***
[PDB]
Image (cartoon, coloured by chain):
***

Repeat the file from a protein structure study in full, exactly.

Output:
[PDB]
Image (cartoon, coloured by chain):